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Translating bed waves in response to climate-driven variability in sediment supply from Mount Baker, Washington State

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Author(s): Scott W. Anderson, Christopher P. Konrad

Category: PRESENTATION
Document Type: Presentation #50-7
Publisher: Geological Society of America Abstracts with Programs
Published Year: 2017
Volume: 49
Number: 6
Pages:
DOI Identifier: 10.1130/abs/2017AM-307653
ISBN Identifier:
Keywords:

Abstract:
Sediment yields from glaciated basins are broadly expected to be influenced by recent trends in climate and glacier extent, but links between climate variability, sediment yield and subsequent channel response have often been difficult to identify. In the Nooksack River Basin (Washington State, USA), which drains glaciated terrain on the Mount Baker stratovolcano, long-term records of channel aggradation and incision were inferred from changing stage-discharge relations at U.S. Geological Survey stream gages. Vertical channel change at seven gages in the basin show a strong, but lagged, correlation with regional climate trends. The lag between climate signal and channel response increased monotonically from 20 to 65 years as a function of downstream distance, indicating that headwater supply signals were transmitted down the river as a broad translating bed wave. The velocity of the wave ranged from one to four kilometers per year and was positively correlated with channel slope. Climate-driven variations in headwater sediment supply then appear to be readily transmitted down the Nooksack, in the form of 0.5-1 m variations in bed elevation, and have been the dominant signal in records of vertical channel change over the past century. Channel change and sediment yields in a number of other regional basins suggest that these processes are not unique to the Nooksack, but may be shared across physiographically-similar basins and synchronized by shared climate and glacier trends. The 120-year history of climate, sediment and channel change shows a strong signature of multi-decadal variability associated with the Pacific Decadal Oscillation, including a period of notably low sediment supply from 1950 to 1980. These results provide a historic context for recent change, and help constrain what physical processes link climate to sediment supply. A more complete understanding of those physical processes are needed to better forecast sediment supply changes under continued warming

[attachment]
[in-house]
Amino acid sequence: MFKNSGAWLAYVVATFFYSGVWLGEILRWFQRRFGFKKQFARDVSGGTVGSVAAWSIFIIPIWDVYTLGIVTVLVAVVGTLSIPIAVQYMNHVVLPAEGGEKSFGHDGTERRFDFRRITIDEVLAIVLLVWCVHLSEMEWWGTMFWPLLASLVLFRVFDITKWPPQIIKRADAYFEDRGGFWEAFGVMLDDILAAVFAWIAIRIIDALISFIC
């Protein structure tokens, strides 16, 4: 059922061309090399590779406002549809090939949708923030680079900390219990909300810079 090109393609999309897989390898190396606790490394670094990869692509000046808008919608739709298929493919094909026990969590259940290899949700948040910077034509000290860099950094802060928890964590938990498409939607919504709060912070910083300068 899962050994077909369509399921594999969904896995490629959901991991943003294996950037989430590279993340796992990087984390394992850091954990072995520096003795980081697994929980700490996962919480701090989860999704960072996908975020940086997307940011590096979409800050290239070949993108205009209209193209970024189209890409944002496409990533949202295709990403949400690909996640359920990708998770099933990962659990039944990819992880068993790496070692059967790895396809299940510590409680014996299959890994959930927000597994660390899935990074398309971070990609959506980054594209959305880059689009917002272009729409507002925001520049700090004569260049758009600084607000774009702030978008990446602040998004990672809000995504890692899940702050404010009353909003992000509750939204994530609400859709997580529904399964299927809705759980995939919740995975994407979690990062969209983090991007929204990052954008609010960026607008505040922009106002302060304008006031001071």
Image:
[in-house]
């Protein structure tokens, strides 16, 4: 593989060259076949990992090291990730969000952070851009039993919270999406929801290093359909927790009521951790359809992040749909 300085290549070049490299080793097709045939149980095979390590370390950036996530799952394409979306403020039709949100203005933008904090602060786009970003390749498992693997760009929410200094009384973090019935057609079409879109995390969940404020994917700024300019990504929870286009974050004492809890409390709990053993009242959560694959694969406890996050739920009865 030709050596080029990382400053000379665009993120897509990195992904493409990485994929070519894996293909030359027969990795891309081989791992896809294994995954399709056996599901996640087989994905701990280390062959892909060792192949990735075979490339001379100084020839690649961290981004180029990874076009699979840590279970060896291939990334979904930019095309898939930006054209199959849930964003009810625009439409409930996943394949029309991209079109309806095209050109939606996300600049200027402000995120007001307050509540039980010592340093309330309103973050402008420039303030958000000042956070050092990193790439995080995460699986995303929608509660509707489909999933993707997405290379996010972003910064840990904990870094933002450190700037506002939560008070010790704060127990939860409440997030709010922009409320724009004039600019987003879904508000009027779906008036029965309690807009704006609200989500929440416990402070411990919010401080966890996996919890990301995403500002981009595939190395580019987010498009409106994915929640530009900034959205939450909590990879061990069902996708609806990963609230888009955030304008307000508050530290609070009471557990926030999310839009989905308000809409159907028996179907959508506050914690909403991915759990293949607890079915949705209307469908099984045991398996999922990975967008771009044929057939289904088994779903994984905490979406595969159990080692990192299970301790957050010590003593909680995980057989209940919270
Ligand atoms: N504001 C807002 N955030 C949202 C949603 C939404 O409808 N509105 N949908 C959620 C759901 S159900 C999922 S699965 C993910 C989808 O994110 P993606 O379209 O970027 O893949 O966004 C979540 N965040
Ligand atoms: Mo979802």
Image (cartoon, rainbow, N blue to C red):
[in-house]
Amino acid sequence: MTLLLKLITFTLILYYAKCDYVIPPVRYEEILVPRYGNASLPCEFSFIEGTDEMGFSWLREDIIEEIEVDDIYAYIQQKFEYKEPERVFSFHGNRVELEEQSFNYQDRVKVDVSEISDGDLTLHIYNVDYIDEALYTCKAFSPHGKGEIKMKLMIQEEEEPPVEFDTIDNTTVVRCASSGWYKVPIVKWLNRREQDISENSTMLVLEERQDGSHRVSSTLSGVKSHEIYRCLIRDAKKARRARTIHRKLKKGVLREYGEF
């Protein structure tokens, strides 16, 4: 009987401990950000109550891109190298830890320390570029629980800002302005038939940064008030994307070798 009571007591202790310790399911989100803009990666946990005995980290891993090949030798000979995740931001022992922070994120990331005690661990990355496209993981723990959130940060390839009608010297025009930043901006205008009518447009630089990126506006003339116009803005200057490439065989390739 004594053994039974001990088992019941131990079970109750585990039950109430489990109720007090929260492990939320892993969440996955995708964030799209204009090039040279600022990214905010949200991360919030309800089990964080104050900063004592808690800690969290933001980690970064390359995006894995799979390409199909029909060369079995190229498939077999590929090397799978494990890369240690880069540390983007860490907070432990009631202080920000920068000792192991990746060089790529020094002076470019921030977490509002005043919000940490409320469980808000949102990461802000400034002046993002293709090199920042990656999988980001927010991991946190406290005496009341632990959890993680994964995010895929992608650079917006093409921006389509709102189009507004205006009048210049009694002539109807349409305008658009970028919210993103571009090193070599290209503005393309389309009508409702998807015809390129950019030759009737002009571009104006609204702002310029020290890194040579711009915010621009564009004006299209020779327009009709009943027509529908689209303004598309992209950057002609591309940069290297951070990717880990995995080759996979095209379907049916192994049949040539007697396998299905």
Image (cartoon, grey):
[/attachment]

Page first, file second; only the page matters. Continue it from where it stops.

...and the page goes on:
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Suggested Citations:
In Text Citation:
Anderson and Konrad (2017) or (Anderson and Konrad, 2017)

References Citation:
Anderson, S.W. and C.P. Konrad, 2017, Translating bed waves in response to climate-driven variability in sediment supply from Mount Baker, Washington State: Presentation #50-7, Geological Society of America Abstracts with Programs, Vol. 49, No. 6, doi: 10.1130/abs/2017AM-307653.